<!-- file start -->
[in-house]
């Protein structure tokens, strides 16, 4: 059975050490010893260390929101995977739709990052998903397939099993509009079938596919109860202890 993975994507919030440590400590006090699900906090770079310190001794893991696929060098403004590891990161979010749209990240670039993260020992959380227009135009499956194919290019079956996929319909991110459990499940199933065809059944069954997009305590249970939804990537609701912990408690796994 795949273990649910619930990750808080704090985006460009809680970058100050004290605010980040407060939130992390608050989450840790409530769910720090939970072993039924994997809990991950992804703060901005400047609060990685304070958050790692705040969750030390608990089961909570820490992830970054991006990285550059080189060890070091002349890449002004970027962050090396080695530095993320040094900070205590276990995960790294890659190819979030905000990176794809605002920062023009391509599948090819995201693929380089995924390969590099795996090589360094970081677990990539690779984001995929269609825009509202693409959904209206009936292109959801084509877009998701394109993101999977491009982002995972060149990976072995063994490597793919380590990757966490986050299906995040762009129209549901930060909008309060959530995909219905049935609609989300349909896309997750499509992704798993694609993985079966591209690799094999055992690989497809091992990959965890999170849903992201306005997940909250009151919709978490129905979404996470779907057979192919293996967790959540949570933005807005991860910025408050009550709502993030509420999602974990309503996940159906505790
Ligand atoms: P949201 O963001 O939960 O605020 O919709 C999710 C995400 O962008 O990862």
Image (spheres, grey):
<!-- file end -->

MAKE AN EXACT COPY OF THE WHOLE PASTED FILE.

[in-house]
């Protein structure tokens, strides 16, 4: 059975050490010893260390929101995977739709990052998903397939099993509009079938596919109860202890 993975994507919030440590400590006090699900906090770079310190001794893991696929060098403004590891990161979010749209990240670039993260020992959380227009135009499956194919290019079956996929319909991110459990499940199933065809059944069954997009305590249970939804990537609701912990408690796994 795949273990649910619930990750808080704090985006460009809680970058100050004290605010980040407060939130992390608050989450840790409530769910720090939970072993039924994997809990991950992804703060901005400047609060990685304070958050790692705040969750030390608990089961909570820490992830970054991006990285550059080189060890070091002349890449002004970027962050090396080695530095993320040094900070205590276990995960790294890659190819979030905000990176794809605002920062023009391509599948090819995201693929380089995924390969590099795996090589360094970081677990990539690779984001995929269609825009509202693409959904209206009936292109959801084509877009998701394109993101999977491009982002995972060149990976072995063994490597793919380590990757966490986050299906995040762009129209549901930060909008309060959530995909219905049935609609989300349909896309997750499509992704798993694609993985079966591209690799094999055992690989497809091992990959965890999170849903992201306005997940909250009151919709978490129905979404996470779907057979192919293996967790959540949570933005807005991860910025408050009550709502993030509420999602974990309503996940159906505790
Ligand atoms: P949201 O963001 O939960 O605020 O919709 C999710 C995400 O962008 O990862």
Image (spheres, grey):